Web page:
After the Best Possible Year, Daft Punk's Guy-Manuel Turns 40

This article is from the archive of our partner .

Last night at the Olympics opening ceremony, the choir of the Russian Ministry of Internal Affairs improbably covered "Get Lucky," capping off an incredible year for the French duo Daft Punk. Today,  Guy-Manuel de Homem-Christo, one-half of the group, turns 40 years old.  

It was just in May of last year that Guy-Manuel warned listeners that the group's latest album Random Access Memories is "is supposed to really suck." Instead, the album, the band's first studio turn in nearly a decade, took off. Last month, Random Access Memories was awarded Grammys for Best Dance/Electronica Album, Album of the Year and Best Engineered Album. "Get Lucky" was the song of the summer (or, at least one of them) and went on to win Grammys for Best Pop Duo/Group Performance and Record of the Year. 

For his part, Guy-Manuel is the more reticent one, which feeds into his creative role:

"De Homem-Christo barely talks at all, which is disconcerting at first and then sort of fascinating. Later I'll give the two of them a ride home in my car, and from the backseat, de Homem-Christo will break character to beatbox the hard-hitting percussion break in Montell Jordan's "This Is How We Do It" when it comes on the radio, a sublime and unexpected moment, like watching a goat yell like a man. It's always been like this: Bangalter is the guy who generates the raw material, the one who more often has his hands on the actual instruments; de Homem-Christo is the group's editor, its taciturn enforcer."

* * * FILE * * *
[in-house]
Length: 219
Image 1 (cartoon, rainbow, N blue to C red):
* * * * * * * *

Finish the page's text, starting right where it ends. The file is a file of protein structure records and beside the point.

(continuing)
The results are impressive. Last fall, long after the band's saturation point in the mainstream, MTV allegedly dashed a Daft Punk appearance on The Colbert Report. Stephen Colbert responded by putting together a star-studded dance video of "Get Lucky" that involved the unlikely likes of Henry Kissinger and Jeff Bridges. Immortality had been cemented. 

The Olympic spectacle in Sochi last night only confirmed that, despite the band's shyness and fear of celebrity, Daft Punk has become the international soundtrack for authoritarian regimes and subway buskers alike. That hasn't stopped the New York Times from enduring some difficulties covering the band. I guess you can't win 'em all.

This article is from the archive of our partner The Wire.